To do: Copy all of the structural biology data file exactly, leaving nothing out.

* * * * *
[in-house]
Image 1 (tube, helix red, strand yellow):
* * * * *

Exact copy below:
[in-house]
Image 1 (tube, helix red, strand yellow):